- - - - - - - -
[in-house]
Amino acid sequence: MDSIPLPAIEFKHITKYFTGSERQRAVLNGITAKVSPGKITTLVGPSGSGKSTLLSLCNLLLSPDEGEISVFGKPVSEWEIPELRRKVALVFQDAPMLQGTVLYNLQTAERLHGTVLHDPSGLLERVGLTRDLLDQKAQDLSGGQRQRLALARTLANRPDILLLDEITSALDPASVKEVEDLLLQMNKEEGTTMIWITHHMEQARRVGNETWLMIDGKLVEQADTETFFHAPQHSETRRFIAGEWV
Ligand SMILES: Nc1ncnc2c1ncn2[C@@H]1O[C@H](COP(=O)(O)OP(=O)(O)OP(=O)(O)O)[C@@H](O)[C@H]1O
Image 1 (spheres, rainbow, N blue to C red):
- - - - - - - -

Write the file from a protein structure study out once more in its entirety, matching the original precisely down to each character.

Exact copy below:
[in-house]
Amino acid sequence: MDSIPLPAIEFKHITKYFTGSERQRAVLNGITAKVSPGKITTLVGPSGSGKSTLLSLCNLLLSPDEGEISVFGKPVSEWEIPELRRKVALVFQDAPMLQGTVLYNLQTAERLHGTVLHDPSGLLERVGLTRDLLDQKAQDLSGGQRQRLALARTLANRPDILLLDEITSALDPASVKEVEDLLLQMNKEEGTTMIWITHHMEQARRVGNETWLMIDGKLVEQADTETFFHAPQHSETRRFIAGEWV
Ligand SMILES: Nc1ncnc2c1ncn2[C@@H]1O[C@H](COP(=O)(O)OP(=O)(O)OP(=O)(O)O)[C@@H](O)[C@H]1O
Image 1 (spheres, rainbow, N blue to C red):